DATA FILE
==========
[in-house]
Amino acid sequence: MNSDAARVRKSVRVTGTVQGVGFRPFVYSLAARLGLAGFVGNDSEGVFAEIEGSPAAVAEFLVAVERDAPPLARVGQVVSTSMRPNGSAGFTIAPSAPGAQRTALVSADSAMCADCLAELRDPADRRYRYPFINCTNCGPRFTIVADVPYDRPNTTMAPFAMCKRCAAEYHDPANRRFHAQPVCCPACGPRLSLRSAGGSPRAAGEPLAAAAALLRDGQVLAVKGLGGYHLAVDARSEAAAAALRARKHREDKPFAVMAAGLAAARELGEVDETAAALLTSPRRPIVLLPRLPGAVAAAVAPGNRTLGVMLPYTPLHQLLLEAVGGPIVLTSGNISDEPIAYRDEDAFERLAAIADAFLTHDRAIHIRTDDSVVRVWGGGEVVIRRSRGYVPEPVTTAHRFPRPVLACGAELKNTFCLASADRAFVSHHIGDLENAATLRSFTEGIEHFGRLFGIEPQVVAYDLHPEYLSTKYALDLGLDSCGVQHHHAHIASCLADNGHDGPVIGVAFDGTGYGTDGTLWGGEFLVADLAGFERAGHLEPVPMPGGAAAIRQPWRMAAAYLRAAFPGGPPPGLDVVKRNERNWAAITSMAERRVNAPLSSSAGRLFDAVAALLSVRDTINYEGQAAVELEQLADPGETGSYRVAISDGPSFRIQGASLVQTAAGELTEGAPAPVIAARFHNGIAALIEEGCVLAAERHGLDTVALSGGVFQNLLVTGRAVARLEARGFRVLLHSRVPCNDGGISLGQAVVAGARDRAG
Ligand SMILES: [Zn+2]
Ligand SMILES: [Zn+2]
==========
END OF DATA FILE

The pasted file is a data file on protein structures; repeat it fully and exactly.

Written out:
[in-house]
Amino acid sequence: MNSDAARVRKSVRVTGTVQGVGFRPFVYSLAARLGLAGFVGNDSEGVFAEIEGSPAAVAEFLVAVERDAPPLARVGQVVSTSMRPNGSAGFTIAPSAPGAQRTALVSADSAMCADCLAELRDPADRRYRYPFINCTNCGPRFTIVADVPYDRPNTTMAPFAMCKRCAAEYHDPANRRFHAQPVCCPACGPRLSLRSAGGSPRAAGEPLAAAAALLRDGQVLAVKGLGGYHLAVDARSEAAAAALRARKHREDKPFAVMAAGLAAARELGEVDETAAALLTSPRRPIVLLPRLPGAVAAAVAPGNRTLGVMLPYTPLHQLLLEAVGGPIVLTSGNISDEPIAYRDEDAFERLAAIADAFLTHDRAIHIRTDDSVVRVWGGGEVVIRRSRGYVPEPVTTAHRFPRPVLACGAELKNTFCLASADRAFVSHHIGDLENAATLRSFTEGIEHFGRLFGIEPQVVAYDLHPEYLSTKYALDLGLDSCGVQHHHAHIASCLADNGHDGPVIGVAFDGTGYGTDGTLWGGEFLVADLAGFERAGHLEPVPMPGGAAAIRQPWRMAAAYLRAAFPGGPPPGLDVVKRNERNWAAITSMAERRVNAPLSSSAGRLFDAVAALLSVRDTINYEGQAAVELEQLADPGETGSYRVAISDGPSFRIQGASLVQTAAGELTEGAPAPVIAARFHNGIAALIEEGCVLAAERHGLDTVALSGGVFQNLLVTGRAVARLEARGFRVLLHSRVPCNDGGISLGQAVVAGARDRAG
Ligand SMILES: [Zn+2]
Ligand SMILES: [Zn+2]